We receive at least 20 emails a week from folks asking us where they can find replacement parts for a tool. So we thought it might be worth a post to explain how we go about finding this information for our own personal needs. This might seem a bit simple to some of you, but the volume of mail we receive indicates that it’s a topic we should address. If you’re already very comfortable finding this information yourself, we’d love it if you’d add your own recommendations in comments for future readers who find the post and can benefit from your experience.
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A few days ago, I heard an interesting little tip from an old racer while discussing the best way to put a riveted assembly together. In response to my concerns about high vibration loosening the fasteners, he said the answer was simply dipping the rivet shanks in epoxy prior to installation. While blind rivets are already a pain to remove (and this wouldn’t make life any easier), it does provide an excellent backup. No dead space means less fatigue, and the epoxy would provide secondary retention for the leftover stem.
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Gordon’s recent post about the strange and elusive numbering scheme for machine screws brought another one to mind, gleaned from Carroll Smith’s Nuts, Bolts, Fasteners and Plumbing Handbook. 37° AN lines are a pretty common sight for lots of high-performance and show vehicles these days, courtesy of their excellent sealing performance and reusability. But how do you plan line sizes without really knowing the dimensions of a given fitting and its hoses?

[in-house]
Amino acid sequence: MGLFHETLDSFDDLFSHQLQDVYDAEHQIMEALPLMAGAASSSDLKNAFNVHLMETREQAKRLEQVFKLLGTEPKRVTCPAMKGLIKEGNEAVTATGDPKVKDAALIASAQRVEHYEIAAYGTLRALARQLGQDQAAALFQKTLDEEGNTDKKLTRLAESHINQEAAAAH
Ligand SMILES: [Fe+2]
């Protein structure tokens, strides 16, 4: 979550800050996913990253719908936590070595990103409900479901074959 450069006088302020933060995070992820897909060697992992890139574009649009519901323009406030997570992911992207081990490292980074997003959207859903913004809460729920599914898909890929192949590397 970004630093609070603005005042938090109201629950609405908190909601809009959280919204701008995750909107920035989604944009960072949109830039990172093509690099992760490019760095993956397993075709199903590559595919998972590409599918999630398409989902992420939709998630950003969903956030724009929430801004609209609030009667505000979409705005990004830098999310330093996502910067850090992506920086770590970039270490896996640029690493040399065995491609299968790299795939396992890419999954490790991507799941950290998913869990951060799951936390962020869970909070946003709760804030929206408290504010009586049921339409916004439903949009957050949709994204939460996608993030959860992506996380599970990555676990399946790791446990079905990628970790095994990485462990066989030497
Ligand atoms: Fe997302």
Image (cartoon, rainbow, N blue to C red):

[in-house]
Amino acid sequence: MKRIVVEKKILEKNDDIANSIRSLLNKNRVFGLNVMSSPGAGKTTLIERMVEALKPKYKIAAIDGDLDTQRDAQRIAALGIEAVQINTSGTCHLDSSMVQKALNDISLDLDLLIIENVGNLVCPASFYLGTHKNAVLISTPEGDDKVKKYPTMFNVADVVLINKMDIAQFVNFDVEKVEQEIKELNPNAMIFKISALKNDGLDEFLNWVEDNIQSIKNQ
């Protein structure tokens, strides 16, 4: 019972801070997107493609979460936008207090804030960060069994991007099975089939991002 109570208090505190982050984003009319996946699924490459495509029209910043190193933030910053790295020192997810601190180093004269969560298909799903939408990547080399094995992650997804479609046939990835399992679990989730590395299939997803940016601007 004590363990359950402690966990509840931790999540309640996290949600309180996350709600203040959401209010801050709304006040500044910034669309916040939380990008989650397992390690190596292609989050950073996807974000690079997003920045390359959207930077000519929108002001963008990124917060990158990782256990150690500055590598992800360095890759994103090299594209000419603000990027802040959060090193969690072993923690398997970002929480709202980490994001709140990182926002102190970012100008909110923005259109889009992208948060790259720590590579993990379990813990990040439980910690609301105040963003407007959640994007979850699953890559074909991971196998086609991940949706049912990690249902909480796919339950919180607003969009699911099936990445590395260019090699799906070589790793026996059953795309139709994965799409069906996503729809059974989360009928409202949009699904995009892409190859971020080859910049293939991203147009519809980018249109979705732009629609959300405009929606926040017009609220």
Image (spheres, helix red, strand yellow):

Turns out, it’s pretty simple. The lines are sized with labels like -3AN up to around -20AN (standards up to -32AN exist, but the fittings are very rare). To determine the hose inner diameter for a specific AN size, just multiply the prefix by 1/16″. For instance, -10AN:
10(1/16″) = 10/16″ = 5/8″ inner diameter.
Thread sizes and hex dimensions are also standardized, as Wikipedia and Powerhouse’s AN wrench selection show us.
Wayne State University’s Warrior Racing recently needed to machine a sheet of Nomex-honeycomb carbon fiber, a piece of a scratch-built custom steering wheel. It’s a bit of a challenge machining the stuff since it’s an extremely hard fiber suspended in a soft synthetic. After a few experiments, we ran everything at very low feed rates and ridiculous spindle speeds, which is a bit contrary to popular wisdom when machining hard materials.